Practicing Yoga before you give birth will make it easier to feel what is happening during the intensity of the birthing process. A practice isn’t essential but it is very helpful. I think “being aware of what is happening” is a great way to describe meditation. Any preciousness associated with the concept is dropped. When you are aware of what is happening, you are meditating. It is that simple.
I also love how Lao Tzu says, “There is no other way.” He isn’t worried we’ll misinterpret his clarity. The painting of Tzu that accompanies this post is a co- creation of Huang Xiang and William Rock. Xiang is “one of the greatest poets of the 20thC and a master calligrapher.” He was imprisoned for twelve years in China for his advocacy of human rights and now lives in NYC using his art as a bridge between the East and West. Rock is an Irish American artist who has studied with Tibetan and Chinese monks over the last fifteen years. Together, Rock and Xiang are a voice for freedom, the only way.
¹ John Heider, The Tao of Leadership, Lao Tzu’s Tao Te Ching Adapted for a New Age (Atlanta: Humanics Limited, 1985) p.1
Having attended a long birth a few nights ago, I’ve come back into daily life where I’m living by the rhythm of the sun again. I’ve been writing today, winding my way through a logical sequence of thoughts and images, moving through a vinyasa of words. Writing is Yoga where the invisible takes shape, where silence becomes sound, where thought becomes vibration. It is a creative act that mirrors the original one of Birth.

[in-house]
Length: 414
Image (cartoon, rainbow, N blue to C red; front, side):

The sensation of following the thread of my thoughts reminds me of the Greek myth where Ariadne holds onto the end of a ball of thread that her lover, Theseus, unspools as he enters into the heart of a labyrinth. There he meets and kills a half- human beast. The thread guides him back out. He begins and ends his journey in love. On the way, he loses his fear.
Giving birth is like this. You go to the centre of what you are. You touch the heart. In fact, there is an ancient yantra (a Tantric symbol of cosmic unity) given to labouring women that is in the exact form of a labyrinth. It’s called a Chakra–vyuha but it is identical to labyrinths drawn for thousands of years on the walls and floors of caves, temples and churches worldwide. The pattern is woven into baskets in South America. It is carved into the grassy ground in England. It is built out of stones in Scandinavia.
In a Hindu birth ritual a yantra is traced in saffron. The birthing woman mentally walks through the yantra and then the saffron is washed away with water. The water is collected and given to the woman to drink. Her body absorbs the substance of the rhythmic pathways of her mind and she is free to move into the uncharted territory of Life. There is no difference between her and love.